5 Things You Should Know About The California Primaries
1. JERRY BROWN SEEKS TO MAKE HISTORY
Democratic Gov. Jerry Brown coasted through California's top-two primary and will run for an unprecedented fourth term in November. His first eight years as governor were before voters implemented term limits, allowing him to run again in 2010 and this year. He has led by wide margins in public opinion polls and has more than $21 million in his re-election account.
2. REPUBLICANS FIND REASON FOR OPTIMISM
Democrats hold all eight statewide offices and have wide majorities in both houses of the Legislature, but Republicans found reason for hope in Tuesday's primary. Former U.S. Treasury official Neel Kashkari, a social moderate, was leading in the race to challenge Brown in November. Strong GOP candidates were emerging in a handful of statewide races, including for secretary of state and controller.
3. CONGRESSIONAL INCUMBENTS SAFE - FOR NOW
All current members of California's congressional delegation made it through the primary, but many of them will face extremely tough races in the fall. Two Democrats, Ami Bera near Sacramento, and Scott Peters in San Diego, are top priorities for Republicans to knock off. Others are facing unexpected challenges from their own party.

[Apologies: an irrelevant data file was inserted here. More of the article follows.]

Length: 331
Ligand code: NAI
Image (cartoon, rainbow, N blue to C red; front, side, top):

4. BREAK-AWAY MOVEMENTS FADE
Voters in three far Northern California counties were lukewarm to forming a 51st state named Jefferson. While a majority of voters were favoring the measure in Tehama County, Del Norte voters were against it; Siskiyou residents rejected the idea of rebranding their county as the Republic of Jefferson.
5. WHAT ELECTION?
Precincts throughout the state were dead zones on Tuesday, with the majority of voters casting ballots by mail and very few others bothering to show up at the polls. The previous low for a gubernatorial primary was 33.3 percent in 2010, and projections for Tuesday's turnout were well below that. The record low for a California primary was 28.2 percent in 2008, but the presidential primary had been moved to March that year, taking the biggest race off the ballot.